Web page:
Published On: Mon, Jun 13th, 2011

Goshorn wins Red Earth Grand Prize

ONE FEATHER STAFF REPORT

                Shan Goshorn, an EBCI tribal member living in Tulsa, won the AT&T Grand Prize at the 25th Annual Red Earth Festival’s juried art competition earlier this month.  Her piece, “Educational Genocide – The Legacy of the Carlisle Indian Boarding”, was finished just in time to meet the competition deadline and took the top prize as she won a ribbon, medallion and $1,500. 

A close-up of Shan Goshorn's award-winning basket "Educational Genocide - The Legacy of the Carlisle Indian Boarding School". (Photo courtesy of Shan Goshorn)

                “As satisfying as the ribbon was for me, the weekend response was even more rewarding,” said Goshorn.  “I completely underestimated the impact that this piece would have on viewers, including Indian and non-Indian.  I was surprised that every native person seemed to have a connection to Carlisle, but it was even more surprising that everyone seemed affected by seeing the faces of those children woven into the lid.  I think that maybe seeing those children humanized this ugly, but critically formative, part in our collective history.”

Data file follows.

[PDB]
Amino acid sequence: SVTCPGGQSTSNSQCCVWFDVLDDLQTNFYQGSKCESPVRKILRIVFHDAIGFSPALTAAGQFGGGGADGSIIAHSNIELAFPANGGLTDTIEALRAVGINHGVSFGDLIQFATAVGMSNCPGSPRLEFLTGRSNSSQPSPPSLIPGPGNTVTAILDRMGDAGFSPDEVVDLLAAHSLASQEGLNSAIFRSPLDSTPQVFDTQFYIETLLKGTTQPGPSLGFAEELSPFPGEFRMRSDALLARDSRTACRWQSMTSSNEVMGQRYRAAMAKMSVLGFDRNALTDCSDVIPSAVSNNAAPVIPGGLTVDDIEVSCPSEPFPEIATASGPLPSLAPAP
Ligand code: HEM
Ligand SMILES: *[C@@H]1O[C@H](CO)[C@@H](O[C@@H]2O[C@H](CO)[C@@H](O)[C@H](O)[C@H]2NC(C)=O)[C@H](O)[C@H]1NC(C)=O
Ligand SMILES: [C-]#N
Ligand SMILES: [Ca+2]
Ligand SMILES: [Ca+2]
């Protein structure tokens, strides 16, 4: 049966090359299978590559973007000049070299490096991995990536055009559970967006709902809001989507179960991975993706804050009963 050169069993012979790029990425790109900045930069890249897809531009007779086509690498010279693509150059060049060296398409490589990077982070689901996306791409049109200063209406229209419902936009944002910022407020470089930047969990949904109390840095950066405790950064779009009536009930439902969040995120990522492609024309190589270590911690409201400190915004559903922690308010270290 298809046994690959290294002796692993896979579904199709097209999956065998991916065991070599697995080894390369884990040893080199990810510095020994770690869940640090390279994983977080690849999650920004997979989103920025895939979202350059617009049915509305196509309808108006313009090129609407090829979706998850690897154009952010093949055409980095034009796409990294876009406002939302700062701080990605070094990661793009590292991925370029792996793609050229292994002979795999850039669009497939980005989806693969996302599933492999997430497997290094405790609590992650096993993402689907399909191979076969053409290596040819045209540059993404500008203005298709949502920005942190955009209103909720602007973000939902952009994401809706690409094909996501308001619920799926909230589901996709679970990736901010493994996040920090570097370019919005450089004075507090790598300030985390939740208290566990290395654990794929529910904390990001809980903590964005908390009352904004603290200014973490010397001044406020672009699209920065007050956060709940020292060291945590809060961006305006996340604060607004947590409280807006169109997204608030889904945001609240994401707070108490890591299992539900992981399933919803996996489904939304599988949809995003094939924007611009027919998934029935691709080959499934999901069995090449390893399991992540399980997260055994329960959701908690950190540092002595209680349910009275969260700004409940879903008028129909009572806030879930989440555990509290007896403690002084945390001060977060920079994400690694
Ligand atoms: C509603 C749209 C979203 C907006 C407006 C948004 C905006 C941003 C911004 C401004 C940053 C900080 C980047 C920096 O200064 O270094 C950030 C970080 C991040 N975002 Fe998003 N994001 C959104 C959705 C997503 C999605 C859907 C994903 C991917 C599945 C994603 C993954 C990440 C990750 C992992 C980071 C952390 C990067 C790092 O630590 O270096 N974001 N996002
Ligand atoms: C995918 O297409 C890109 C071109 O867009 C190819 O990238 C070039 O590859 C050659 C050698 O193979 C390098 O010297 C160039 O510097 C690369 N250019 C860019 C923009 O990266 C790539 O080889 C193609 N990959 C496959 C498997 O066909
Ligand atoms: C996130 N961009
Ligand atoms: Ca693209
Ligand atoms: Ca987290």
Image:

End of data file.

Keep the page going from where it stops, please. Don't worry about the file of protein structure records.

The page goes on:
The basket itself, a Cherokee-style double weave, was made from splints of paper showing Carlisle student’s names and historical documents and photographs.  A photograph of the Carlisle Student Body of 1912 was woven around the perimeter of the lid and is still readable as a photograph.  “I have never seen this done and neither has anyone that I have talked with.”

A close up of the interior of the basket.

                 Some of the splits are also from an address by Carlisle founder Capt. Richard H. Pratt. Goshorn related, “Captain Pratt is the one who coined the phrase, ‘Kill the Indian and save the man.’” 

                She said the emotional response to the basket continued all throughout the show.  “Some people were moved to tears.  The most touching response for me was when an elder came from Anadarko and after a long look said, ‘This piece belongs in a museum.  We need to let others know about our history.  This is now one of our national treasures.’” 

A self-taught basket weaver, she has made five to date with two of those being in well-known museums – one in the National Museum of the American Indian in Washington and the other in the Gilcrease Museum in Tulsa.

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